Steve Garritson Covers it All in 39 Years

Steve Garritson has seen a lot in his 39 years working in the alarm/security industry. He’s been on the front lines dealing with customers, watching corporate America rapidly buying out smaller businesses, handling operations issues and now as co-owner of H&S Protection, running his own business. He’s learned the business inside-out and now shares those lessons with H&S employees, helping them grow.

“I’m having fun with the new people we’ve been bringing in,” he observed. Over the past 20 months or so, H&S has hired six new employees as installers and in sales. “I like watching them grow, grasp the issues and succeed.”

steve barb

One of his favorite parts about being an owner is going out on sales calls. “The sales rep has already done the hard work. Some riding along with them on the call is gravy,” he laughed. “I’m taking a bit more active role there. We need those boots on the ground.”

Garritson, who runs the Pewaukee, WI office for H&S (co-owner Mike Horgan operates out of Stevens Point, WI), didn’t set out to join the alarm industry. His father met a man during his travels who was the owner of an alarm company looking for an employee, and Steve followed up in December 1979. He took a job with the company, which had 5 employees, in Elm Grove, WI. That meant moving up from Illinois to an efficiency apartment that had a two-burner stove, small refrigerator and a foldout couch/bed. “I didn’t know a soul in Wisconsin,” he said.

Steve worked in a number of positions for 5-6 years at the Elm Grove company, then struck out on his own, contracting to do service and installation work in the security industry, then branching out to subcontractor work. He hooked up with a subsidiary of Central Control Alarm (the biggest independent alarm company in the state of Wisconsin at the time) in Waukesha, where the Operations Manager position opened up in Milwaukee. He handled service, central station (alarm monitoring) issues and ran the guard service (a 24/7/365 dispatch service).

steve fish

“It was a tough job, but the best experience. When the beepers went off and you saw the 911 number, you knew there was a problem,” he observed.

It was there that Steve met Jim Kurtz, Lonnie Miescke and Chris Utter. He also connected with Mike Horgan’s father Ed, through the state alarm association (now the Wisconsin Electronic Security Association WIESA).

In 1996, Central Control was sold to Security Link, giving Steve his first taste of corporate America. He quickly decided it was not for him. “If my heart had been in it, I think I could have excelled. We had the right people above us and a good corporate trainer, but there was a lot of disarray.”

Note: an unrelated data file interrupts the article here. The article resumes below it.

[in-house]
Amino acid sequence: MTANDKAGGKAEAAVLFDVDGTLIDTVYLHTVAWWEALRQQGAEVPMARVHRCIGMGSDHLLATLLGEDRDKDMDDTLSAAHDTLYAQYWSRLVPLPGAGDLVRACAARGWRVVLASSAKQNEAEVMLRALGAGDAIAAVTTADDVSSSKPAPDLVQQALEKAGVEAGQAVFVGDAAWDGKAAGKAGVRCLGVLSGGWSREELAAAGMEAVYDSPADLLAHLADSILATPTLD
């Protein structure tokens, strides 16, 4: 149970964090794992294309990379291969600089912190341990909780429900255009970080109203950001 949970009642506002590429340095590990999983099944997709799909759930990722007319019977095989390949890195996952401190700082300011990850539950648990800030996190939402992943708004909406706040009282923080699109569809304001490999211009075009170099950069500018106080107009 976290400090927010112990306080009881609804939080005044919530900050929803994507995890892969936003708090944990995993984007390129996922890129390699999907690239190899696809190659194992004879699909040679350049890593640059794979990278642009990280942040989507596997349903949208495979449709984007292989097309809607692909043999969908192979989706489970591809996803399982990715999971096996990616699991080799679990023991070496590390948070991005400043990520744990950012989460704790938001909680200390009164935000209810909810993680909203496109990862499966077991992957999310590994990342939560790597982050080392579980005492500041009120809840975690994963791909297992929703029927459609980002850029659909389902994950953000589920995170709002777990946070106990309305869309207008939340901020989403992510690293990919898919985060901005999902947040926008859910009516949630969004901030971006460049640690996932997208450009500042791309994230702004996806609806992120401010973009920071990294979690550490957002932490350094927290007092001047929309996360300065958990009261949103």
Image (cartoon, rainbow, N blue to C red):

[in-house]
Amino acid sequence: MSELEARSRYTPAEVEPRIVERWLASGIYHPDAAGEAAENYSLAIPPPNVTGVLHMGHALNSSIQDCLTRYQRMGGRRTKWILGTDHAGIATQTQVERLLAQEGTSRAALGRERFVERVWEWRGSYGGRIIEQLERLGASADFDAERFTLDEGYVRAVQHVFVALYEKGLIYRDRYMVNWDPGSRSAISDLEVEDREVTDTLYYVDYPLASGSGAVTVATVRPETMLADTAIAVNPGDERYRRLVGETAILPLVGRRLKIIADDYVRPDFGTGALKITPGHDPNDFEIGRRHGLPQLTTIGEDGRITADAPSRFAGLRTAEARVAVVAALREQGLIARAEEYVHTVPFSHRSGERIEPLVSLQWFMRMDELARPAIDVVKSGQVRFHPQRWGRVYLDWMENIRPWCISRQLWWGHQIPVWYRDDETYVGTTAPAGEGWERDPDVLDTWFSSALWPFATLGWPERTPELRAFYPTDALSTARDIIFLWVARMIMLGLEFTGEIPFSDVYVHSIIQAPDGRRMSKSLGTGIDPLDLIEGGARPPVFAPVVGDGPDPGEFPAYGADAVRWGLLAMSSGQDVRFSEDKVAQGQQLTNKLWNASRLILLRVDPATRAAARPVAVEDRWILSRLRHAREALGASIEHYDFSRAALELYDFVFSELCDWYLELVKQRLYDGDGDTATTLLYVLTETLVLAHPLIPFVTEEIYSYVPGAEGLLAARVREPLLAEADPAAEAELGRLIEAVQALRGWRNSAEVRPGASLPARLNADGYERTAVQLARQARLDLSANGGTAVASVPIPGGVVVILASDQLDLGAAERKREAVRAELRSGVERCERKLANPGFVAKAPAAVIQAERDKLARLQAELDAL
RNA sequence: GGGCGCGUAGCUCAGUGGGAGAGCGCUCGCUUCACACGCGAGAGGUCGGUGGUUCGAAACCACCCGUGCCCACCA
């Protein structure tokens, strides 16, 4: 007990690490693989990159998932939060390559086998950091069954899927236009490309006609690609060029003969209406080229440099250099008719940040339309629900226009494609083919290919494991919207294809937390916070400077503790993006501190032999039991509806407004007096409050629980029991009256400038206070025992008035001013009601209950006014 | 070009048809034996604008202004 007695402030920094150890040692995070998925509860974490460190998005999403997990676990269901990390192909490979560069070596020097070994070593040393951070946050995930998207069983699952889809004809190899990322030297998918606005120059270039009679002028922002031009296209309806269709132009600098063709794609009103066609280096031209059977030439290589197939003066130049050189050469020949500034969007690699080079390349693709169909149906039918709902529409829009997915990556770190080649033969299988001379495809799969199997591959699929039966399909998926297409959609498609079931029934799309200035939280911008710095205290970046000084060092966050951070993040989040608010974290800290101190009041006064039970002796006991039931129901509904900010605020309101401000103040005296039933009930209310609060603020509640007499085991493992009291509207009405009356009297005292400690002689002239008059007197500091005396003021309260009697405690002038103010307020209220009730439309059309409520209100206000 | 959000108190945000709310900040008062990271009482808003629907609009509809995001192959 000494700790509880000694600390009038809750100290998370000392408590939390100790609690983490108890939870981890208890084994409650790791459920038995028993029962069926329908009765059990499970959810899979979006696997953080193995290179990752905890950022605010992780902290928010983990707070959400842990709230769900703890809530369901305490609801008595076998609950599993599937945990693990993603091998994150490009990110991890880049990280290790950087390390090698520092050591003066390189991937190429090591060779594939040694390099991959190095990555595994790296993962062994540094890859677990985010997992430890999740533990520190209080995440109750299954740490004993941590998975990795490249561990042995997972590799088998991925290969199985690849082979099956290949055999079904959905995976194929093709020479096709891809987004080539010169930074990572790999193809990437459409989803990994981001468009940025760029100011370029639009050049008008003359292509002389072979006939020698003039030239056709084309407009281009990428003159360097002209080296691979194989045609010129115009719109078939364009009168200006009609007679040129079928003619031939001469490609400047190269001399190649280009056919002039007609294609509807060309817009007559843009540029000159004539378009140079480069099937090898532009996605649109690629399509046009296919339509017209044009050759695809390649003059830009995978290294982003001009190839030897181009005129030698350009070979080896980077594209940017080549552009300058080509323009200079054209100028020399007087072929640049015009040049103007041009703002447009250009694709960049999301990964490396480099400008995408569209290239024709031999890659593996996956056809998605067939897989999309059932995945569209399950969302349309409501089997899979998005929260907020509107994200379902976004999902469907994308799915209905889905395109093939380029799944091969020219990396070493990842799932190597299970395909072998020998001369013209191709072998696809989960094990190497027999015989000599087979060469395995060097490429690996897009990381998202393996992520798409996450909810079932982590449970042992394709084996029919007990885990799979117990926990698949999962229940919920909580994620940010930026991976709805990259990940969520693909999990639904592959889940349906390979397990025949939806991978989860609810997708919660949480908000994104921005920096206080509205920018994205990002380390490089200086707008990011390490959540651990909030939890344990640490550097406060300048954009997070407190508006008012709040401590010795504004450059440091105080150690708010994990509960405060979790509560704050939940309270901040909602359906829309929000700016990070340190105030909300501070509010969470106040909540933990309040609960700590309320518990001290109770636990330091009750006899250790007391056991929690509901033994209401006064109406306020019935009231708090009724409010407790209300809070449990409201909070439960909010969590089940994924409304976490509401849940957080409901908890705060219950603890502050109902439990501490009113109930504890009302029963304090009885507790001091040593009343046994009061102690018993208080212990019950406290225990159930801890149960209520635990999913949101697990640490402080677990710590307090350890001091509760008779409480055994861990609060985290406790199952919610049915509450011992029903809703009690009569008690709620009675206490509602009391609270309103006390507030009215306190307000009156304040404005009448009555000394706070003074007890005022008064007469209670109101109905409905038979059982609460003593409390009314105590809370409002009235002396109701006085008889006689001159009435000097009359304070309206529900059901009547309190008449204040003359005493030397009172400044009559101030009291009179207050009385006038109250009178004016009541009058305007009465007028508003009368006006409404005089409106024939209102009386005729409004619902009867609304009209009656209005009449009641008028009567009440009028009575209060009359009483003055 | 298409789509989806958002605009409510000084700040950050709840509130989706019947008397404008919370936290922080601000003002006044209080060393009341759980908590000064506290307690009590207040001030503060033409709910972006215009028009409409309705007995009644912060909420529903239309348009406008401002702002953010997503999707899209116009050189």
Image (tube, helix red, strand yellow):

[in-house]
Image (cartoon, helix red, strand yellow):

Steve joined with Utter and Todd Courtney to found Sentra Protective Services (which merged with Horgan Sales and Service to become H&S Protection Systems in 2007), bringing along Kurtz and Miescke.

Garritson enjoys the security industry, particularly that it is constantly changing. “It was stagnant for a while, but now we’re in the digital age. We’re fortunate to have smart people in the digital field who understand computers and IT. Our people jumped right in and learned it.”

Steve is married to his wife, Barb, and has a son Ben (who works at H&S in Service) and daughter Stephanie (a teacher at Kettle Moraine High School) and two grandchildren.

He enjoys family activities in his spare time, getting together with the grandkids, and looking forward to taking them fishing and swimming on the family pontoon boat. Steve also enjoys deer hunting and fishing with his son-in-law and Ben. “I’m in a good place right now,” he said with a smile.

“You know, I’d never really thought about the alarm industry before I got started in it. I probably would have worked in one of the trades, maybe carpentry,” he observed.

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About justwrite15

Dave's column has run in multiple small town newspapers across the U.S., in Nebraska, Illinois, Pennsylvania and Texas,where Dave has been able to entice personal friends and editors to run his social commentary. His column has also been picked up by www.coastalmonroe.com. It has appeared in newspapers since 1998, and began in response to one of the school shootings so depressingly familiar in America. His commentary has morphed into a weekly offering of humor, insights and advice on how to find sanity in an insane world.
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